Our Lord could not say more plainly that even He doesn’t know when His Father will say, “Son, it’s time. Today is the Day.” The Father is not sharing His timetable with anyone. And yes, that’s a good thing!

Sure, it would be nice to know that I have two years before the End. It would give me time to grow in my faith, tell people about Jesus, teach believers how to grow in their faith, read my Bible more, and pray more.

But Jesus’ point in today’s Bible reading from Mark 13 (specifically Mark 13:32-37) is that I should be doing those things anyway. I don’t know when the Master of the house will return, so I need to always be ready.


How about you? Seriously, are you more interested in knowing when Jesus will return than being ready for His return? Do you spend more time reading Last Days novels and listening to Last Days teachers than you spend reading your Bible and listening to teachers talking about God, and how you can know Him better and love Him (and others) more? Is your Bible reading broad-based, drawing from different parts of the Bible, not just your favorite books, chapters, and verses? (Note: That’s one reason we need to use a Bible reading plan goes through the New Testament or the entire Bible in a year.)

He says to be alert. He gives us signs to let us know that the End is near. Yes, we are in the Last Days. But know that we have been in the Last Days since He arrived on our planet two thousand years ago!

The Kingdom of God has come (Luke 11:20). Its consummation has not come yet, but His Kingdom has already come! For now, we live in a state of “already, but not yet”.

Are you ready?

At the end of today’s reading from Mark 12, we find the story of the widow dropping money into the treasury (Mark 12:41-44).

We aren’t told if Jesus was the only person who was watching, but I think it’s safe to assume that he wasn’t alone in observing people as they dropped in their offering. Jesus makes the point elsewhere (Matthew 6:3) that our giving should be done in secret.

Jesus is the only person who should know how much we give. Unfortunately, because of the way tax deduction documentation is set up in the US, it’s difficult to truly give in secret. When you drop a check in the offering plate, put cash into an envelope, or make an online donation, more eyes than you think will see your offering.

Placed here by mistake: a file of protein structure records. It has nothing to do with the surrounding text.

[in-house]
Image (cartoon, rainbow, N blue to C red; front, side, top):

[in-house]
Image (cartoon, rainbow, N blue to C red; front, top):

It’s important to give. Not because the church needs the money. Not because the preacher needs the money. And not because God needs the money. God owns the cattle on a thousand hills (Psalm 50:10). Trust me, He doesn’t need your money!

But that doesn’t mean that we shouldn’t give. Actually, I would add that we need to give. Giving is good for us. Giving reminds us that everything that we have belongs to God and that we are merely stewards of what He has given us. Everything we receive we should hold with open hands.

Some people give to be seen by others. Some people give in order to receive a tax deduction. But what if you didn’t receive a tax deduction? Would you still give?

When you give, do you give something, just to have something to drop in the offering plate so other people won’t think that you don’t give at all? Or do you give out of the abundance of your heart (and wallet)?


The widow gave what she had… all that she had. How about you?

Today’s Bible reading from Mark 11 includes Jesus cleansing the Temple (Mark 11:15-17).

To understand what’s going on, it helps to get an idea of the general layout of the Temple in the First Century, which was divided into several parts. The High Priest was the only man allowed into the Most Holy Place (Holy of Holies), and then only once a year. Other priests could go into the Court of the Priests and the Holy Place. Men were able to go into the Court of Israel, but not into the Court of the Priests. Women were able to go into the Court of the Women, but not into the Court of Israel. Surrounding the Court of the Women and the Court of Israel was the Court of the Gentiles.

During the First Century, Jews would go to the Temple to offer their sacrifices. For convenience’s sake, instead of bringing the animals from home, they would often purchase acceptable sacrificial animals when they got there. The marketplace for buying their unblemished animals was in the Court of the Gentiles. And this is where Jesus created a scene. Well, actually, the scene had already been created by corrupt and crooked vendors, and Jesus just showed up to clean it up.

So why was Jesus so upset? Think about it: The Court of the Gentiles was the only part of the Jewish holy place that Gentiles could access. So all they could see of Jewish worship was corrupt, crooked activity. Instead of it being a sacred place, it was a profaned place. Instead of it being a place of prayer, it had been turned into a “den of thieves”. (Mark 11:17)


Although He does not live in a building (Acts 7:48), God takes worship very seriously. Where we worship isn’t nearly as important what and that we worship. (John 4:21-24) And what was being done in the Court of the Gentiles distracted Jews from a God they could worship and kept Gentiles from knowing a God they should worship.

God is worthy of Worship. Christians do missions and evangelism because we want to help people to find the God Who created them to worship Him.